I found a connection with Engram almost instantly because of its spoken introduction. I see that statement as the reason to come back after 14 years and make an album like Engram. Having read Nuclear Holocausto's interview with Terrorizer, especially the snippet posted on this forum, this seems justified.
At some point in the past, writing music was limited to the few people who were brilliant enough to compose and express themselves through it. Once music became a commodity, it ceased to be a form of expression, because writing "music" became as simple as following the rules of what "sounds good" and what doesn't. Today the brilliant people who can express themselves through music are lost within masses of those who don't even know that music is a form of expression. Black metal died like this and perhaps as an act of contempt toward the current situation, Nuclear Holocausto decided to return with Engram and perhaps his introductory statement means just that.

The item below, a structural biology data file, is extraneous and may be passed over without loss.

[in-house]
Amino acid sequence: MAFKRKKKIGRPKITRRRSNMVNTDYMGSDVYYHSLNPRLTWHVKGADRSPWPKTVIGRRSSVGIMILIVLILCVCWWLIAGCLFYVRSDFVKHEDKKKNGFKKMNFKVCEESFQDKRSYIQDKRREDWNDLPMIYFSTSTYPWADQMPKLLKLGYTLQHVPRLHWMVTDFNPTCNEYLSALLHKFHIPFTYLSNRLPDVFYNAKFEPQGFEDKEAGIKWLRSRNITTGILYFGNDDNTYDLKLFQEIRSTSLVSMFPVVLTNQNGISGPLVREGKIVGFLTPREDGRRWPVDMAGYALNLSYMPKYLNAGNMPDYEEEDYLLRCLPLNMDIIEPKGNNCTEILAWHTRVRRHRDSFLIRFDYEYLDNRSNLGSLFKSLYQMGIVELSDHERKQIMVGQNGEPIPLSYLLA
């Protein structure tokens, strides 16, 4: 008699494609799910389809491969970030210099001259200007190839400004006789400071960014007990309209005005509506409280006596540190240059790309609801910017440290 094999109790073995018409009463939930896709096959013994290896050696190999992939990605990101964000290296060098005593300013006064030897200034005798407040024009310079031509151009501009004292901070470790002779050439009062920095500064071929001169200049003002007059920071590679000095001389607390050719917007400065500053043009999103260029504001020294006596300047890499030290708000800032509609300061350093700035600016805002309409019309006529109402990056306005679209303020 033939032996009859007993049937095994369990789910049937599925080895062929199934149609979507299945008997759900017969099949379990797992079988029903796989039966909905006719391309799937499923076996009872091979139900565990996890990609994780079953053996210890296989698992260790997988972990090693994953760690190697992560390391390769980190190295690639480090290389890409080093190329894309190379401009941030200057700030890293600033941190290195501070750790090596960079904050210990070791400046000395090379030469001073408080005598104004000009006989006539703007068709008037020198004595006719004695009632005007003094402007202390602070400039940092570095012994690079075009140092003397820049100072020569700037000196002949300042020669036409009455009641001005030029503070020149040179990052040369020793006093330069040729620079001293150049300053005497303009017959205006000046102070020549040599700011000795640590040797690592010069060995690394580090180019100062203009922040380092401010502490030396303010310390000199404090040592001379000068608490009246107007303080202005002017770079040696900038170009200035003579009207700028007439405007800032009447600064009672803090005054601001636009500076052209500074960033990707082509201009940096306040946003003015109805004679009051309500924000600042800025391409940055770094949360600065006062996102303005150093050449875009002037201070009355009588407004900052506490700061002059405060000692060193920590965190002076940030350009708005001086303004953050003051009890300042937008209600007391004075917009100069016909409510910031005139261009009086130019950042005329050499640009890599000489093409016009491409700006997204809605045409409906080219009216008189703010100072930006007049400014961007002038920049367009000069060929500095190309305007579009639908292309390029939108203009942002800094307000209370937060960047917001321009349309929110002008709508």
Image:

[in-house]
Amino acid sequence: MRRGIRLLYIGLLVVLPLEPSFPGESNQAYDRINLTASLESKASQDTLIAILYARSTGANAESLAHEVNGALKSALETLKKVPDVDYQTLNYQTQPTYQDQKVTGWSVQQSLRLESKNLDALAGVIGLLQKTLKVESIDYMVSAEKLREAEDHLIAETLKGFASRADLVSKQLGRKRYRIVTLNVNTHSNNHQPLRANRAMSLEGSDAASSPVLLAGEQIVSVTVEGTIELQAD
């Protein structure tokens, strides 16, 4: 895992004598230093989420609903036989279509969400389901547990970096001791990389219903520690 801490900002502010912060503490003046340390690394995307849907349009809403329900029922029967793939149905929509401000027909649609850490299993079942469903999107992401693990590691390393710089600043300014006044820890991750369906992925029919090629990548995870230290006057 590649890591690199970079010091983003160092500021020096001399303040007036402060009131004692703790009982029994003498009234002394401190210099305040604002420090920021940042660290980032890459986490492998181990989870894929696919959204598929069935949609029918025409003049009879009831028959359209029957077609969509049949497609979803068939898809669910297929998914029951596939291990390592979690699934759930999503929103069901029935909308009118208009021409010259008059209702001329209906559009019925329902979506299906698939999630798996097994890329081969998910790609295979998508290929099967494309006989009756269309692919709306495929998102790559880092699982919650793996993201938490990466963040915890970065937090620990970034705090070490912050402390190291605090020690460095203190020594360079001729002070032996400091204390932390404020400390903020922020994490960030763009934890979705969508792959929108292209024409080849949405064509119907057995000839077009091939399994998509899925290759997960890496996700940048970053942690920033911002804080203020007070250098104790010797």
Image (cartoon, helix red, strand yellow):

In my view, the album is a complete success, because it is a structural masterpiece - perfectly clear and engaging in its progressions - with a natural beginning, middle and end. A lot has been said about the use of layering and rightfully so, because the progressions arise from layers that are both simultaneous and sequential - the latter meaning that one phrase comes over the previous. Without that, the album would be stuck and pointless.